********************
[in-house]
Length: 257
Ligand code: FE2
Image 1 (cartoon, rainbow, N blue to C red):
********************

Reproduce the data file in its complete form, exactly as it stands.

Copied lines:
[in-house]
Length: 257
Ligand code: FE2
Image 1 (cartoon, rainbow, N blue to C red):